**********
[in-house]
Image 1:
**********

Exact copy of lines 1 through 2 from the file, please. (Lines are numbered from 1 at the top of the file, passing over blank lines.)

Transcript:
[in-house]
Image 1: